Bird Feeders: Why Hang More Than One?
Drs. Foster & Smith Educational Staff

If maximum species variety is your feeding goal, you'll want to have several feeders, placed at varied heights and locations. Here are a few considerations to bear in mind when selecting a feeder:

Platform feeders are ideal for attracting ground feeders such as cardinals, doves, juncos, and jays. Hanging or post-mounted feeders attract birds that feed at branch level. Nectar feeders invite orioles and hummingbirds. Insect feeders attract robins, bluebirds, and purple martins. Hopper or open styles are better for larger birds. Tube feeders are ideal for smaller birds like finches and chickadees.

Ports and Perches
Ports must be sized appropriately. Sunflower or mixed seeds won't fit through the smaller ports of finch feeders.

Offer multiple seed mixes in feeders with multiple seed tubes, and look for feeders with adaptable ports so you can switch from mixed to thistle seed offerings.

Feeders with perches attract grackles, grosbeaks, chickadees, titmice, and other perching birds. Clinging birds, such as woodpeckers, finches, or nuthatches, prefer feeders without perches. To attract both varieties, look for feeders that feature removable or flip-up perches.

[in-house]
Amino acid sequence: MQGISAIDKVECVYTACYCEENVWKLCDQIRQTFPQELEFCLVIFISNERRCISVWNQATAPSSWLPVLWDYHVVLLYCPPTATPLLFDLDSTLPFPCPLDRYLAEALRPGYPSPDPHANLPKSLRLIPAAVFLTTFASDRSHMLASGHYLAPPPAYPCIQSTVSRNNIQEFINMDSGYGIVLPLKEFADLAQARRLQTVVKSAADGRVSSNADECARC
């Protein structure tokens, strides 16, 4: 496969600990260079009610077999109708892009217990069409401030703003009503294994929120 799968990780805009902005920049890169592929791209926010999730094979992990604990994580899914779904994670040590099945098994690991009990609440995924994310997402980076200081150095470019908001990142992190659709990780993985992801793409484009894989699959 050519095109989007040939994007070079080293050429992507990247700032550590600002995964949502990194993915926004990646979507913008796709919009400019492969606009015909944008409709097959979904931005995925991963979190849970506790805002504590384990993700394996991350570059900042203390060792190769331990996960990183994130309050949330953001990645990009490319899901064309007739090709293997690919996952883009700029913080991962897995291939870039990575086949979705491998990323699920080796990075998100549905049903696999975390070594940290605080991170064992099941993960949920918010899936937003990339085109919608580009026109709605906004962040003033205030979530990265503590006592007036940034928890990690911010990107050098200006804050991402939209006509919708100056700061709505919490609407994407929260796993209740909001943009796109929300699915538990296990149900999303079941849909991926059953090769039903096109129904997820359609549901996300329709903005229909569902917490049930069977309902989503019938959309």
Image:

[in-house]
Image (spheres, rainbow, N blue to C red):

Green Solutions Upside-Down Suet Feeder Construction:
what to look for

  Rust-resistant construction
  UV resistant feed tubes
  Squirrel resistant features
  Solid, durable components

Price is a factor. Get the most for your money by weighing features, durability, and appearance against overall cost of the feeder.

Some Feeders We Recommend
Dr. JB's 16 oz Clean Feeder for Hummingbirds
Dr. JB's 16 oz Clean
Feeder for Hummingbirds
Triple Tube Wild Bird Feeder
Triple Tube Wild Bird Feeder
Recycled Platform Feeders
Recycled Platform Feeders